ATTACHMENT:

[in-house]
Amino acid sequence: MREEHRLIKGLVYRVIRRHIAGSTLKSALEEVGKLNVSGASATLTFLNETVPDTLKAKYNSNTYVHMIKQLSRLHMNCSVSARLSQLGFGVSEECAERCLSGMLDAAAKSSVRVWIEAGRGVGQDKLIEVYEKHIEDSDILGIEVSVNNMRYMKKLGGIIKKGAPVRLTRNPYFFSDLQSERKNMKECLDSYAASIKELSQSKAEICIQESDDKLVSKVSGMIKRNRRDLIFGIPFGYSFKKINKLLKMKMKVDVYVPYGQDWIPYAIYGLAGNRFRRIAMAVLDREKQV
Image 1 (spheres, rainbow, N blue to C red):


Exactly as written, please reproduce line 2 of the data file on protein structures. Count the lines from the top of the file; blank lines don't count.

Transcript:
Amino acid sequence: MREEHRLIKGLVYRVIRRHIAGSTLKSALEEVGKLNVSGASATLTFLNETVPDTLKAKYNSNTYVHMIKQLSRLHMNCSVSARLSQLGFGVSEECAERCLSGMLDAAAKSSVRVWIEAGRGVGQDKLIEVYEKHIEDSDILGIEVSVNNMRYMKKLGGIIKKGAPVRLTRNPYFFSDLQSERKNMKECLDSYAASIKELSQSKAEICIQESDDKLVSKVSGMIKRNRRDLIFGIPFGYSFKKINKLLKMKMKVDVYVPYGQDWIPYAIYGLAGNRFRRIAMAVLDREKQV